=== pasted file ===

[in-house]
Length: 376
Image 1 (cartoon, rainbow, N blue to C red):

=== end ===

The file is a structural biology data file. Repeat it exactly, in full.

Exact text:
[in-house]
Length: 376
Image 1 (cartoon, rainbow, N blue to C red):